They were having what appeared to be on its way to being a pretty great match… until Rollins hit Owens in the face with the ring bell for the cheap DQ. Then Owens got on the mic and cut a promo goading Seth into a no DQs match. Dude… if you want to book a gimmick match, just book the f*cking gimmick match in the first place! Don’t waste time on a PPV doing an angle to set it up. That’s what the MONTHS of TV that you spent building to this match are for!

Anyway, Seth accepts and we get a…

Kevin Owens vs. Seth Rollins - 4.5/10

They brawled and did weapons stuff. It all built up to Owens doing a big dive off of the WrestleMania logo hanging by the stage onto Rollins, through a commentary table. Owens asked “how’s this for a WrestleMania moment” before diving, so you can be sure that the announcers will refer to this as a “WrestleMania Moment™” from now until the end of time, so be prepared to be sick of hearing about this moment in a few months.

R-TRUTH SHOWED UP ON MOJO & GRONK’S PLATFORM AND GOT PINNED BY MOJO - I think he pulled Gronk off of Truth or something like that. One I saw the 24/7 Title, I started to zone out.

PAUL HEYMAN SCARES THE SH*T OUT OF CHARLY CARUSO, THEN CUTS A PROMO ON DREW MCINTYRE - Yeah… because if the previous fourteen promos Paul has cut to hype this match up over the past two months haven’t gotten you excited for this match yet, one more promo will definitely do the trick.

Goldberg(c) vs. Braun Strowman - DUD!

This was finisher-spam to the point of parody. Almost every single move in this match was a finisher (and I do mean “almost every single move” literally, as the only move I can remember that wasn’t was a kick to the stomach). They just felt like regular moves.

That being said, I totally marked out when Goldberg hit three straight spears and then went for the pin, because I booked that finish almost a decade ago in our EWA E-Fed (it’s the Joel Carter vs. Tien Trippoquer match from show 14. And, yes, I do fully intend to fulfill my promise to reveal my full, long-ranging plans for the EWA booking in time for TWR’s big 10th anniversary celebration this December.
Anyway, as much as I hated this, at least they didn’t have Braun fail to win the title yet again.

AJ Styles vs. The Undertaker - DUD!

We start off with someone pulling up into a cemetery in a hearse. Taker’s music is playing… somehow. We’ll say it’s coming from the speaker of the car. The moment only two druids popped out, you knew they were actually going to be Gallows & Anderson, and, yup, it’s AJ in the casket in the back. Once they opened the casket the car speaker (controlled by remote control, maybe? Does that technology exist yet?) switched to AJ’s theme music. What, exactly, did they hope to gain from going through with this ruse?

Also, can someone please tell us what the damn rules are?

American Badass Undertaker then showed up on a motorcycle. I don’t like Taker switching between… personas, I guess?... without some sort of precipitating mystical event. Him switching abck and forth should not feel so mundane.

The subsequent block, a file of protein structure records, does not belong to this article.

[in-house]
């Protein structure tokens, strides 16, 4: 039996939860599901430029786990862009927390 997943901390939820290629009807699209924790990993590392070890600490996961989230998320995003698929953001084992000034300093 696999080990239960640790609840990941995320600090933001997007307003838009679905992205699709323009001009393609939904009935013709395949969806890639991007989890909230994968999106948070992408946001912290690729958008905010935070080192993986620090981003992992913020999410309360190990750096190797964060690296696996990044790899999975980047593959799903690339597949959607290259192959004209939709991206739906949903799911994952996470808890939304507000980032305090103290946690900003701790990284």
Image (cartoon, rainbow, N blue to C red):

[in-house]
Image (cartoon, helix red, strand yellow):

They exchange some meh trash-talk. AJ picks up a brick from the ground, but Taker punches him before he can throw it. Taker beats AJ up for a bit and calls him “Allen,” because shoot names definitely make this fight involving a magical zombie wizard feel real.

Taker smashes AJ into the limo, then grabs a piece of metal off the ground and swings it at AJ’s head. He misses, and breaks the window. Even with this pipe, he is still bleeding from the cut. Thankfully not Goldberg-level bleeding, though.

They fought some more. There was mood music playing. There was a lot of Taker beating AJ up and asking “you want some more? Huh?” and the like.

AJ cut Taker off with a kick to the nards, then tried to toss him into a grave that AJ had dug… earlier in the day, I guess? Taker eventually knocked AJ into it instead. Sooo… is it over? Does that mean Taker won? WHAT ARE THE RULES?!

Gallows & Anderson then showed up and got Taker’s attention. They were standing in front of some sort of big wooden shack, and on their cue, a bunch of the boarded-over doors were knocked down and a bunch of guys dressed in druid robes came out and surrounded The Undertaker. If this isn’t all of Bullet Club (and I’m including the Bucks and Omega in that… not Balor because he got kicked out, and not Cody because f*ck Cody and his involvement in Bullet Club), I don’t care.

Despite taking the tactical step of surrounding him on all sides, the druids decide to run at Taker one at a time, like really bad AI in a video game. Once they all get taken down (with about one punch each, too), Gallows & Anderson get smart enough to attack Taker at the same time. They tried to hit him with what was supposedly a shovel but actually just looked like a stick with no shoveling apparatus, but Taker got it away from them and beat them up with it until AJ came out of nowhere and smashed something big and heavy over Taker’s head/back of the neck.

More stuff happened. They ran through a fence. AJ monologues about how he’s going to do the world a favor by burying Taker, then breaks a shovel over his back (a real one this time, not just a handle) and knocks him into the grave again. AJ then threw some dirt onto Taker and went to go dump the big tractor-thingy full of dirt on him. Is that how you win this match?

Taker magically teleported onto the vehicle behind AJ. Taker knocked AJ off the tractor, then stalked him for a bit. AJ climbed up a ladder onto the roof of the aforementioned shack in an attempt to escape. It turns out that the shack is a lot bigger than I thought. Taker magically summoned fire to both scare AJ and cover his own teleportation, so he was on the roof now, too. Also, apparently Gallows & Anderson are up there, because they ran in and attacked Taker, only to get their butts kicked as well. One of them got tossed off the roof and the other got Tombstoned onto it. AJ punched Taker but Taker no-sold it, then chokeslammed AJ off the roof.